Magic docks cools off big time!BASS PRESS RELEASE
By Bryan Brasher
By Bryan Brasher
The heat is rising and his magical dock seems to be cooling off a little.
But despite catching only 12 pounds, 15 ounces during Saturday’s semifinal round, Alabama pro Justin Lucas is in position for a wire-to-wire win at the Bassmaster Elite at Potomac River presented by Econo Lodge.
|Drop Shot key all week for Lucas (Photo BASS)|
Both anglers were covered with sweat backstage after Saturday’s weigh-in, with the heat index rising above 112 degrees.
“I had 10 pounds for a long time today,” Lucas said. “I don’t know why things slowed down the way they did. But I’m very fortunate to be where I am with this kind of lead.
“This all started from Day 1 of the tournament. I had no idea what lived under that dock — never even had a bite there in practice.”
A California native, Lucas has been using the kind of finesse tactics that West Coast anglers are known for. He’s caught a couple of fish on a stickbait and a couple on a swim jig, but the majority have been caught on spinning tackle with a drop shot rig.
He’s fishing one back-channel dock on the upper end of the river. He said it’s 5 to 8 feet deep on the end, and aquatic grass grows right up to the edge of the dock. But because the dock is so low to the water, it creates enough shade to keep grass from growing under the dock.
“There’s a grassline right against the dock,” Lucas said. “There are old pilings all around there. Then there’s shade and current.”
The idea of pulling big bass from under docks on light spinning tackle would make some anglers nervous. But Lucas said he’s really only had one tense moment all week.
“The first morning, the second one I hooked was a 3 1/2-pounder, and I had it wrapped around one of the pilings for five minutes,” Lucas said. “I could still feel it pulling, and it finally just wedged its way out.”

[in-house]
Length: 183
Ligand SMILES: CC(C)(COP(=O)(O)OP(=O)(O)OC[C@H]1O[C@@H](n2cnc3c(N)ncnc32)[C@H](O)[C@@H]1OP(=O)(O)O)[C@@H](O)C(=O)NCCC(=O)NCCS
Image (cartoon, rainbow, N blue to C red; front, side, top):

Then Lucas learned the key to landing fish around the dock.
“Once I could see that there were these crossbars under the water, I never had another problem,” he said. “That second fish, I didn’t even know what I was throwing to. I was just throwing under the dock, and I just happened to throw over one of the crossbars.”
The dock surrendered 20-4 on Thursday and 19-14 on Friday. Despite the drop-off to 12-15 on today, Lucas said he still considers the spot the best he’s ever found during a tournament.
“It’s really the only time in my life that I’ve ever stumbled onto a hole like this where there were so many fish in one stretch — and I’ve had it to myself,” Lucas said. “These are the best locals I’ve ever seen. They’re keeping their distance — just really, really good guys.”
With nearly a 6-pound lead over Lowen, Lucas believes he needs to catch at least 12 pounds Sunday to secure the win.
Despite fishing what he described as the “hottest conditions he’s ever fished,” Lowen brought 16-0 to the scales Saturday to push his three-day total to 47-3. As usual, he’s fishing super shallow in a small canal that he said is “narrow enough to flip both sides.”
“It’s fun — I mean it is, but isn’t,” Lowen said of the heat. “I’m in a little tiny creek. I had about five bites in there in practice, and that was the best spot I had.
“I don’t know how many fish are left in there. I really don’t understand how there have been this many in there all week.”
The other anglers who qualified for Sunday’s Top 12 include: Brent Ehrler (45-9), Jason Christie (45-6), Keith Combs (45-1), Clifford Pirch (44-10), Andy Montgomery (44-7), Gerald Swindle (42-6), Brett Hite (41-13), Jordan Lee (41-11), Fred Roumbanis (41-8) and Randall Tharp (41-6).
Pirch took over the lead for Phoenix Boats Big Bass with a largemouth that weighed 6-11. Swindle maintained a comfortable lead in the Toyota Bassmaster Angler of the Year standings.
Sunday’s take-off will be at 6:15 a.m. ET from Smallwood State Park, and weigh-in will be at 3 p.m. at Indian Head Pavilion on the Village Green.